The next track is The Sky is The Limit and this is the longest on the album clocking in at an impressive 6:52 however it doesn’t feel long. In fact it feels just right and there are enough change throughout the song to make it interesting enough to hold your attention. The drums are more rhythmic and the guitar changes pace enough times to keep you guessing throughout. All in all a great track that in no way feels long and the slow decline that starts with a lull about a minute and a half form the end creates a sense of serenity before the fade out. Track six, Disclosure starts with a low single piano note soon joined by a simple but effective piano loop. However about a minute and ten seconds into the track a heavily distorted drum comes in creating a sound reminiscent of the first DJ Shadow album in fact at times this track could easily sit next to Shadow’s seminal Midnight in a perfect world. The track is dark and brooding and not at all “party music” but that makes it absolutely perfect for the more intelligent and mature fans of both hip hop and rock who are prepared to look outside their own genres.

The crisps drums and upbeat guitar that starts off After the Thaw give way to a lovely drum solo about forty seconds into the track. The drums coupled with crescendo like guitar build an atmosphere of mounting anticipation throughout the track that slips into a pleasant lull about two minutes into the track. Another strong track with enough character to differentiate it form the rest of the album but at the same time keeping in line with the duo’s overall theme. Days of Freezing, the album’s eighth track is a more laid back affair than the majority of the album. With light percussion and more mellow strings to begin with the track creates a feeling solitude. This continues throughout the length of the track creating a sort of interlude within the album between the more intense tracks that sit either side of it.

The haunting vocal samples at the beginning to the album’s ninth track, Incident creates an intense feeling that grows as the track progresses. The hard drums and heavy yet melodic strings produce a strong track that doesn’t let up for about four minutes then it gives a brief respite before once again hitting you with the drums and guitar and then finally returning to the haunting vocal sample from the beginning. The album ends with A Riot of Emotion, which begins, in a similar vein to earlier tracks with the electro sounds, crisps strong percussion and nice strings. It’s a formula that works well throughout the album and it works well again here.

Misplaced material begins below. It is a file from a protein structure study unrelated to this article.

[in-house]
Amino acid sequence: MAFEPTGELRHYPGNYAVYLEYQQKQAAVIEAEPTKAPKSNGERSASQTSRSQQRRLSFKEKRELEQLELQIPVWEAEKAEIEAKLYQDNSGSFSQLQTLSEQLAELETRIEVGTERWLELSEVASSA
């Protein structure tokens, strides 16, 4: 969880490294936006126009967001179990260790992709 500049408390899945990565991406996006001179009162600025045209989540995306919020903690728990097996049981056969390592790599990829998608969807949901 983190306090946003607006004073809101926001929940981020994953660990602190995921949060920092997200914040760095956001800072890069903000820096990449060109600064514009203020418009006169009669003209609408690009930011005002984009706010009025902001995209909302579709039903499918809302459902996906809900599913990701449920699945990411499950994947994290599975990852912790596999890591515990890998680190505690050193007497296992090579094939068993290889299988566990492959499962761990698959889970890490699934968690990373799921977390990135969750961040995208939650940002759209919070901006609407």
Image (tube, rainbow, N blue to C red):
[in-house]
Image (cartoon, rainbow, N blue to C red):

In summary I was surprised by how much I enjoyed this album especially for a duo that some people would say fall in a genre called German instrumental electro rock. The album is strong and full of its own character. I am glad I listened to it and have found myself going back to it again and again over the last month. The lack of vocals allows you to focus on the music and to be honest this is a very good thing. The tracks are uncomplicated and at times almost stripped down to the most basic elements; percussion, guitar and some electro sounds. I would say that the only possible point where the album could be said to fall down would be the similarity of some tracks however if the formula works why change it. Groups have built whole careers on a sound and if that sound is good as in this case then its not a minus but a plus. On the whole I would give this an 8 out of 10 with points only taken away for the similarity of some tracks and the short length of the album. I guess it can only be a good thing to leave the listener wanting more.

Shoulders & Giants will be available from Amazon later this month.